Saturday, September 29, 2007

Who’s in control? 

“...the general tacit assumption in thought is that it's just telling you the way things are and that it's not doing anything - that 'you' are inside there, deciding what to do with the info. But you don't decide what to do with the info. Thought runs you. Thought, however, gives false info that you are running it, that you are the one who controls thought. Whereas actually thought is the one which controls each one of us.


"What I mean by "thought" is the whole thing - thought, felt, the body, the whole society sharing thoughts - it's all one process. It is essential for me not to break that up, because it's all one process; somebody else's thoughts becomes my thoughts, and vice versa. Therefore it would be wrong and misleading to break it up into my thoughts, your thoughts, my feelings, these feelings, those feelings... I would say that thought makes what is often called in modern language a system. A system means a set of connected things or parts."

From “Thought as a System”, quoted in the Wikipedia article about its author, physicist David Bohm.

I have become wary of my thoughts; they lead me down paths I don't want to explore, take me to places I want to get away from. Some are traps - thought-paths that take you down a slippery slope into a deep hollow impossible to climb out of; some are circuits with no start and no end, forever covering the same old ground; some are paths laid down by others - I merely follow where their feet have already trodden.

It is hard to think of something new.

Thursday, September 27, 2007

Life on the farm 

I had a training session on our new document management system this afternoon. As is the usual practice in these circumstances, we were working in a sandpit area, not with live data. It should have been cleared out, but some wag had left this piece of wisdom behind, causing the trainer to enquire (in the nicest possible way) what was amusing me…

Feeling trapped in this cubicle...

10. Being told to 'Think outside the Box' when you're in a friggin box all day long.
9. Not being able to check e-mail attachments without turning around to see who's behind you.
8. Fabric cubicle walls do not offer much protection from any kind of gunfire.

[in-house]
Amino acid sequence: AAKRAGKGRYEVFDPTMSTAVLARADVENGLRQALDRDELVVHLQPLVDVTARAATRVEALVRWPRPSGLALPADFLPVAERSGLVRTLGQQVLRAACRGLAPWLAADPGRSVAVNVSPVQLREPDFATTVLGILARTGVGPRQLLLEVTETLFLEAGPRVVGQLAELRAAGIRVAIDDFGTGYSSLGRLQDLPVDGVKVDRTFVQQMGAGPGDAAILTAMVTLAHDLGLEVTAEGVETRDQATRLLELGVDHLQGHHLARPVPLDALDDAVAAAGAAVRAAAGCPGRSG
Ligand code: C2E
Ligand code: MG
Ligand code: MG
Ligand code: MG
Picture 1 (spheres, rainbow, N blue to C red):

7. That nagging feeling that if you press the right button, you'll get a piece of cheese!
6. Lack of roof rafters for the noose.
5. The walls are too close together for the hammock to work right.
4. 23 power cords, 1 outlet.
3. Prison cells are not only bigger, they also have beds.
2. When tours come through, you get lots of peanuts thrown at you.
1. You can't slam the door when you quit and walk out.


Tuesday, September 25, 2007

The Life of a Day 

I found this lurking in a forgotten folder on the hard drive of my laptop at work. I may have posted it before, I can't remember. No matter; it bears repeating.

The Life of a Day
"Like people or dogs, each day is unique and has its own personality quirks which can easily be seen if you look closely. But there are so few days as compared to people, not to mention dogs, that it would be surprising if a day were not a hundred times more interesting than most people. But usually they just pass, mostly unnoticed, unless they are wildly nice, like autumn ones full of red maple trees and hazy sunlight, or if they are grimly awful ones in a winter blizzard that kills the lost traveler and bunches of cattle. For some reason we like to see days pass, even though most of us claim we don’t want to reach our last one for a long time. We examine each day before us with barely a glance and say, no, this isn’t one I’ve been looking for, and wait in a bored sort of way for the next, when, we are convinced, our lives will start for real. Meanwhile, this day is going by perfectly well-adjusted, as some days are, with the breeze scented with a perfume made from the mixture of fallen apples, corn stubble, dry oak leaves, and the faint odor of last night’s meandering skunk."

~Tom Hennen ~

Tuesday, September 11, 2007


Survival. It’s what we humans are best at; if it wasn’t, we wouldn’t be here. Sure, we do other stuff as well, but when push comes to shove, it’s survival which has the stamina to, er, survive and hold out when other motivations have dried up.